UK childhood poverty continues to climb
The impact of COVID-19 on household incomes is becoming clear to everyone, yet it cannot hide the equally devastating reality that child poverty is rising at an alarming rate in many of Britain’s poorest urban communities.
Child poverty activists say this is leaving growing numbers of children cut adrift and ill equipped to cope with the impact of the pandemic.
The End Child Poverty coalition is urging the Government to take seriously a four-year rise in child poverty – predominantly in working families – which has pushed families to breaking point. It’s also vital that leaders pursue an ambitious strategy to end child poverty in the aftermath of Coronavirus, which will undoubtedly drag even more families into severe hardship.
‘Poverty…is highest in the larger cities’
Made up of a coalition of dozens of organisations including children’s charities, welfare and social groups, the coalition has been working with Loughborough University to analyse Government data which charts how child poverty rates in many different areas across Britain have risen. It shines a light on those areas where children are most likely to have been swept into poverty since 2014.
A new report by the coalition shows that child poverty estimates tend to be highest in the larger cities, particularly London, Birmingham and Manchester, and that is before housing costs are factored into the equation. The North East has also seen significant rises.
This year’s local child poverty data report shows the percentages of children in poverty before and after housing costs in wards, parliamentary constituencies and local authorities. Using a new method that draws in more information than the previous series, it pinpoints the areas that are most affected. It also gives some indications of where child poverty is rising fastest, although because the figures are estimates, the rate of change in specific locations need to be treated with some caution. More significantly, the figures suggest overall that child poverty is rising fastest in places where it is already high.
‘Steady rise felt among working families’
The table of the top 20 parliamentary constituencies with the highest levels of child poverty in the UK before housing costs shows that over half (50.4 per cent) of the children in Bradford West were in poverty in 2017/18, which equates to over 17,000 youngsters. Moreover, Bradford East also had a rate of 44.1 per cent (19,495). Other prominent cities were Manchester, Leeds, Glasgow, Newcastle, Sheffield and Nottingham.
The steady rise in child poverty has been felt particularly among working families, with London constituencies dominating the list of areas where growing numbers of poor children are from families in employment. Some parts of the capital have seen the proportion of children growing up in poverty from working families increase by 14 percentage points or more.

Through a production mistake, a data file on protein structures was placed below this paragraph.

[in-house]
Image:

However, the spectre of COVID-19 is never far away, and recent analysis by the Office for National Statistics shows reveals that just under one in four 1 adults (23 per cent) said the coronavirus was affecting their household finances. The most common impact in this group was reduced income (70 per cent), with nearly half saying they had used savings or borrowed to cover living costs.
‘COVID-19 could push struggling families over the edge’
Campaigners are fearful that the added impact of Covid-19 on household budgets could push struggling families over the edge and are urging the Government to immediately increase the amount of money in families’ pockets. The coalition is calling on the Government to set out an ambitious strategy to reverse the increases and make ending child poverty a priority for the nation’s future economic recovery.
The report’s analysis also shows how unequally child poverty affects the country, with children in some parts six times more likely to be growing up in poverty than their neighbours in less deprived areas. While child poverty is deteriorating across better and worse off areas of the country proportionately, those places starting off with a high rate see many more additional children pulled into poverty.
Anna Feuchtwang, Chair of End Child Poverty and Chief Executive of the National Children’s Bureau, said: “We may all be experiencing the storm of Coronavirus together, but we are not all in the same boat. The government’s data shows the extent to which over the past four years, children in low income families have been cut adrift and are already experiencing unacceptable hardship through cuts and freezes to the benefits system.
‘Opportunities for the future’
“Our country’s children are now at severe risk of being swept deeper into poverty as a result of the pandemic and lockdown. This is why we are asking the government to strengthen the social security system which is there to hold us steady during tough times, by immediately increasing household income for those least well-off.
“Ending child poverty must be at the heart of the Government’s plan for economic recovery, so that when this crisis is over all children can enjoy a life free from poverty in which they are healthy, can thrive at school and have opportunities for the future.”